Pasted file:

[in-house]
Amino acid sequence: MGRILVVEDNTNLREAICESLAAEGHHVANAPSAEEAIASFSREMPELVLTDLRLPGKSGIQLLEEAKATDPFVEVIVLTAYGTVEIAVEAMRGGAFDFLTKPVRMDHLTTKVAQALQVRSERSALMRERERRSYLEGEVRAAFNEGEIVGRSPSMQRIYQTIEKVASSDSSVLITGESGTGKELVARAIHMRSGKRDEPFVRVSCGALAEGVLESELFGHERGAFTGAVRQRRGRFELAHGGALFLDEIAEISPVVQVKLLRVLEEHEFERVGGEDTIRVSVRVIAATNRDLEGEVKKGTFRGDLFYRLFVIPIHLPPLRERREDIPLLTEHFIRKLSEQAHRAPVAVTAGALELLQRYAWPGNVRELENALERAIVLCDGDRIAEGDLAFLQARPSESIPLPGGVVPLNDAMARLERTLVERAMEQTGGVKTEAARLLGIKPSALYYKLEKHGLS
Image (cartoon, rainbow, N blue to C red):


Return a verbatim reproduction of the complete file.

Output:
[in-house]
Amino acid sequence: MGRILVVEDNTNLREAICESLAAEGHHVANAPSAEEAIASFSREMPELVLTDLRLPGKSGIQLLEEAKATDPFVEVIVLTAYGTVEIAVEAMRGGAFDFLTKPVRMDHLTTKVAQALQVRSERSALMRERERRSYLEGEVRAAFNEGEIVGRSPSMQRIYQTIEKVASSDSSVLITGESGTGKELVARAIHMRSGKRDEPFVRVSCGALAEGVLESELFGHERGAFTGAVRQRRGRFELAHGGALFLDEIAEISPVVQVKLLRVLEEHEFERVGGEDTIRVSVRVIAATNRDLEGEVKKGTFRGDLFYRLFVIPIHLPPLRERREDIPLLTEHFIRKLSEQAHRAPVAVTAGALELLQRYAWPGNVRELENALERAIVLCDGDRIAEGDLAFLQARPSESIPLPGGVVPLNDAMARLERTLVERAMEQTGGVKTEAARLLGIKPSALYYKLEKHGLS
Image (cartoon, rainbow, N blue to C red):